High School, Merrueshi
is the Key to Development.
are creating leaders for tomorrow
High School is in the Maasai region of Kenya, approximately
160 km southeast of Nairobi, Kenya and 100 km north of the
Kenya and Tanzanian border. The entire school was build by
above: class of 2010
• Administration block
• Dormitory facilities (one for boys and one for girls)
• A kitchen
• Teachers' houses
entire school has sufficient water and power supply from solar
school has over 200 students, boys and girls, from all corners
of Maasai land. The students range from 14 to 18 years of
has 10 teachers. Maasai Association employs 50% of the teachers.
The government pays the rest.
is managed by a board, a group of 12 men and women, collectively
nominated by members of Merrueshi community. The ministry
of education has some representative in the board.
members work to achieve the following:
that meets national standards
empowerment through Western and Maasai integrated learning
that is culturally sensitive to the Maasai way of life
community encourages self-discipline rather than discipline
through foreign rules. Younger students are encouraged to
become positive role models for future generations. This idea
cultivates the Maasai traditional principle of intergenerational
The Maasai depends on its generations. Future generations
depend on efforts from fore generations. A successful community
depends on responsible and proud citizens, which depends on
a community of good morale and values.
children are leaders for tomorrow. It is important to educate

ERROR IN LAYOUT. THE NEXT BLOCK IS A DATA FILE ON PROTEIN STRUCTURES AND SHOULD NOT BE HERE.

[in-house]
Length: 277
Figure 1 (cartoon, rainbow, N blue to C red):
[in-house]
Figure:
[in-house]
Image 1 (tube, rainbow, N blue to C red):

Maasai children and enable them to make a strong contribution
to the ongoing needs of their community.This philosophy nurtures
the values of a strong community.
High School is not affiliated with any religious or political
organization, and does not discriminate against gender, race,
color, or religion.
curriculum is made up of the following subjects
Language Skills: Maasai, Swahili, and English
• Biology science
• Geography, History and Government
• Cultural Subjects, Business Education, Accounts,
• Commerce, Economics
integration of western and Maasai educational learning systems
is vital to the survival of the Maasai people, following the
priorities, needs and interest of the Maasai community. Such
an integrated system allows Maasai children to contribute
effectively in this rapidly changing world.
Each villager with a child in school has to sell a goat, sheep
or cow in order to meet school fees for their children. Each
child pays $150 dollars, tuition, per term. This amount is enough
to cover tuition and boarding fees. It
is mandatory for each student to wear school uniform in Kenya’s